Bulgaria accelerates euro schedule

15/05/2010 | Sid Verma

Bulgaria is pushing ahead to join the pre-euro currency club, the Exchange Rate Mechanism – known as ERM2 - next year, the country’s deputy prime minister has said

Bulgaria is pushing ahead to join the pre-euro currency club, the Exchange Rate Mechanism – known as ERM2 - next year, the country’s deputy prime minister has said.

“In my opinion 2011 is a feasible target for us joining the ERM2 and we will aim at it,” Simeon Djankov told Emerging Markets. The mechanism is the requirement for a country to lock its currency into a narrow trading band with the euro for at least two years before joining the common currency.

This time last year, the government pleaded to EU authorities to fast track its entry into the ERM2, seeking shelter from the storm ravaging the Balkan economy. Asked whether renewed market turbulence in the eurozone could once again derail this ambition, he said: “Undoubtedly, it would be more difficult, but this should make us even more ambitious and daring, because everyone is aware that the criteria won’t become easier.”

Bulgaria already operates in a currency board regime, under which the lev is pegged to the euro, and is obliged to keep a fiscal reserve to contain inflation. Bulgaria’s budget deficit will reach 2.8% of gross domestic product (GDP) this year – in line with EU rules – after 3.9% in 2009, according to a European Commission forecast.

In a sign of growing fears within eurozone accession candidates that in the wake of the Greek debt crisis Western Europe would be more rigorous in enforcing euro convergence rule, the so-called Maastricht criteria, Djankov said: “At the moment none of the euro area member states meets the Maastricht criteria. It is important that the conclusions drawn from the present situation should be applied fairly to all countries – both members and candidates.”

Bulgarian deputy central bank governor Dimitar Kostov said the country would be ready to join ERM2 next year but urged vigilance. “We need to have more clarity on the progress of the recovery from the global financial and economic crisis as well as on the progress in tackling excess deficits in a number of EU countries, most notably Greece.”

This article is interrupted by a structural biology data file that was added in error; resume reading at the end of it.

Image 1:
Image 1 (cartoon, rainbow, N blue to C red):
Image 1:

In other comments, Djankov quashed fears that the Greek fiscal crisis would force Greek banks – which account for nearly 30% of banks’ assets in Bulgaria – to wind down their operations in the country. “At the moment we have sufficient guarantees that the Greek banks in Bulgaria are sound.”

Greek banks – all but one – represent locally incorporated banks and are thus, subject to central bank supervision. As a result, foreign parents would be unable to withdraw their contributions to bank capital abruptly as they would need to be in compliance with liquidity regulations, Djankov said.

He added: “They are among the banks with the best capital adequacy and indicators at the moment,” Kostov said. “The Bulgarian banks managed to attract significant domestic resources and were able to compensate the decrease in funds from parent banks and non-residents by the end of the year.”

He said ECB liquidity injections announced this week had helped to “reduce the speculation about possible capital withdrawal from the foreign bank subsidiaries in Eastern Europe.”

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